30 Jan My Newest Crazy Idea
I signed up to run a half-marathon. Every Sunday morning I run about three easy miles with my friend, Ariana. And somehow I thought that qualified me to start training for a 13.1-mile race that’s only three months away. What was I thinking?
I suppose I was thinking it would be fun. I haven’t challenged myself in this way since 2004. This will be a totally different type of challenge, though. The greater challenge in 2012 will be training for the half-marathon and staying balanced in the process.
|Crossing the finish line in 2004.|
Ariana signed up in October, so this has been on my radar for a while. When she first asked me if I was interested, I thought, “No way. This is not the time of life for that.” Then I slowly sanded away at the edges of that statement until there was nothing left of it. This is definitely not the season for me to run a full marathon. Even before we had kids, I remember thinking the many hours of training were just not worth the anticlimax of crossing the finish line after 26.2 miles. But the Half? The Half was fun! That’s what I remember. And that’s what I want to focus on this time around. When it stops being fun, that’s when I pull back, snuggle my kids, go out for dinner, take a breather.
I am already insanely busy. It feels like my day is packed from the time my alarm goes off at 5:15 am until I finally fall exhausted into bed at night. So I couldn’t wrap my head around where I was going to fit in this training. But after talking it over with various runners—one who ran this race having only trained Fridays, Saturdays and Sundays—I decided I could do it. I met with our Young Adults Pastor last week and she helped me come up with a plan for maintaining my focus. Talking with her helped me figure out how to keep myself from going crazy (and taking my family along with me).
I recognize my compulsion to check Facebook every time I pass the computer. It’s ridiculous, really, but I know I’m not alone in this. Many others, especially stay-at-home-moms, struggle with this. I’ve written about it before. It’s lead me to take breaks from Facebook and kept me from investing in an iPhone so far. At this point, I feel I need to impose limits on myself because I really don’t know how many minutes I am wasting each time I choose to open Facebook. So . . . I am limiting myself to 15-30 minutes on Facebook and this only once a day. I can check all my notifications (if any), reply to messages, browse a little bit if I want to. But once I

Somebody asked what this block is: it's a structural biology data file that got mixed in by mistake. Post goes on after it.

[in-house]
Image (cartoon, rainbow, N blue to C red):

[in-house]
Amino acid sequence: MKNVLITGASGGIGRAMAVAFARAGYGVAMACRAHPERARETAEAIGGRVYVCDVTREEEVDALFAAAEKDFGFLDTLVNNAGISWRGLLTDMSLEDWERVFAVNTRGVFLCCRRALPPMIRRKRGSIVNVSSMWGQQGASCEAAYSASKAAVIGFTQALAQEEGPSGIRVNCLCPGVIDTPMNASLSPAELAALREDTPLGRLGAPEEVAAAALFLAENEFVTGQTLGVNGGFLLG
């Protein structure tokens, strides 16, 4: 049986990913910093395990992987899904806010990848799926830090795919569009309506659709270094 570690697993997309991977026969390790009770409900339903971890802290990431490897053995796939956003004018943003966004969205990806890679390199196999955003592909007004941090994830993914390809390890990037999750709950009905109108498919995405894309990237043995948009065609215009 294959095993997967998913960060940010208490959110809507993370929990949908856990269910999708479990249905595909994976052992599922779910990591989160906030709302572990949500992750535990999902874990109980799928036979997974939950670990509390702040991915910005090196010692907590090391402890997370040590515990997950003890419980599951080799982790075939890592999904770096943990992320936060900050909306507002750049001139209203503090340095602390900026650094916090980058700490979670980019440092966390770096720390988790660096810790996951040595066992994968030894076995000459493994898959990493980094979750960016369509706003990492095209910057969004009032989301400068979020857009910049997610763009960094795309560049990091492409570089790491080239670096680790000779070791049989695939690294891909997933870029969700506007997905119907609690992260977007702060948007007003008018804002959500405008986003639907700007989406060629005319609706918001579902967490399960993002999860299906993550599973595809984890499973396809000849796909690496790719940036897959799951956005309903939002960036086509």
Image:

close it log off, that’s it for that day. No checking it mindlessly—and hence checking out of real life. This strategy really should be in place anyway, so that I can be more present with my kids throughout the day. Training for the Half has just forced me to recognize that I need to be very intentional with my time over the next three months. And beyond. I’m actually very excited about this—a byproduct of adding a tangible goal to my life.
|Don’t we look amazingly fresh?|
There are other ways my schedule may change. I may not be able to read as much. I may have to skip a few play dates. I’m willing to sacrifice those things for a short time—not permanently. I’m not willing to sacrifice writing and blogging, though. I’m going to keep building my blog and working on other writing projects.
So I’ve decided to post about training here on my blog. What better way to keep it from interfering with my writing? My readers can keep me accountable and enjoy this journey with me. I don’t want the training to be grueling or something I just have to “get through”. I’m not in this to win the race—I’d have to change my genetics to do that! I want to have “Joy in the Journey”—in every part of my life. That doesn’t mean it will be easy or I won’t have days when I want to give up. It just means I will redirect my focus to the joy.
So Mondays here on Joy in the Journey will be about running—a report on the past week and how I’m doing with including the kids in Mom’s little venture. Oh, and Dad’s, because Todd couldn’t just watch me train for and run the Half! I’m looking forward to this—apprehensive but certain of the physical, spiritual, and relational rewards.
|This is after the full marathon. Please compare to the photo taken after the Half!|